Soon, Penske would offer Mears a part-time job -- at least six races filling in for Mario Andretti while the latter was off in Europe pursuing his Formula One world championship. The arrangement would include his first ride at the Indianapolis 500, where he qualified on the front row, becoming the first rookie to post a qualifying time over 200 mph.

The way Mears figured it, a part-time job with Roger Penske was better than a full-time job with any other team owner.

Penske's way of managing a team and Mears' attitude toward driving meant the two were an ideal match. Mears loved Penske's egalitarian approach.

Mears, who won the Indy 500 in 1979, 1984, 1988 and 1991, has no patience with drivers who think only of themselves and their own glory.

"A lot of drivers are very selfish. If they find something on their car, they don't want to give it to somebody else. They want to keep it."

When Mears joined the Penske team, he quickly learned to work with his new teammates: Tom Sneva and Andretti.

"I understood you could go to another level by helping each other. If I've got a teammate and he's got the same equipment [and I lose to him], that means I'm leaving something on the table. That keeps drivers digging, striving to improve. If you're driving against somebody with different equipment," there's no way to really tell who's better, he says.

"Roger made sure we all had the same equipment. People tend to think with a race team, there's a one, and a two and a three. He always said: "If I have three horses in the race, why would I only want one good horse?' To keep the caliber of driver he wanted, he had to keep the options open" and give the team "three good shots at winning the race."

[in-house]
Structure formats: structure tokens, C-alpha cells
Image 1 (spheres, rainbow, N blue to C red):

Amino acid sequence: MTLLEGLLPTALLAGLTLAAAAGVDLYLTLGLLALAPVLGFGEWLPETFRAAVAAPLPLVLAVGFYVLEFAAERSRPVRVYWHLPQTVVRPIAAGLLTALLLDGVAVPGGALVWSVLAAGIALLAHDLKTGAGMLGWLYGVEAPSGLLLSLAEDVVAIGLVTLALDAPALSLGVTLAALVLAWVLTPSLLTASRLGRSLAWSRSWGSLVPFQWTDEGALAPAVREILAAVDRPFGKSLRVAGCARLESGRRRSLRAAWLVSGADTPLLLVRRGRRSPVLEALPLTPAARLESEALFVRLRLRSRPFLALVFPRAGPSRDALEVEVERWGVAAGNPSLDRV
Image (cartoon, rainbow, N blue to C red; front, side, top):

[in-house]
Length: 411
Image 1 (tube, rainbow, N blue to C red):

The Penske way would continue to attract great drivers over the years, including Indy 500 winners Bobby Unser, Al Unser Sr., Danny Sullivan, Emerson Fittipaldi, Al Unser Jr., Helio Castroneves, Gil de Ferran, Sam Hornish Jr. and Juan Pablo Montoya.

Penske's success wasn't confined to open wheel racing. Penske teams have won 147 NASCAR races, including two Daytona 500s: Ryan Newman in 2008 and Joey Logano in 2015. Bobby Allison and Rusty Wallace also carried the Penske banner. And Penske carried on with his early sports car success in such series as Can-Am and IROC.

3,200 years' experience
Penske's devotion to a team concept, creating equal opportunities for all, is one reason people tend to stay with him for a long time, says historian Davidson.

"People say he surrounds himself with overachievers, and a lot of people stay with him a full career. People tend not to come and go. Some people were with Penske for 30-some years.

"Even after they retire, they keep coming around. Most of his drivers had long tenures, but the crew guys, the engineers, they just stayed for years."

Jonathan Gibson, vice president for Charlotte, N.C.-based Team Penske, the umbrella organization for his racing activities, says Team Penske's 400 employees have a collective 3,200 years' experience.

One of those veteran guys is Czarnecki, who has worked for Penske for 45 years both as part of the race team and Penske's various business enterprises.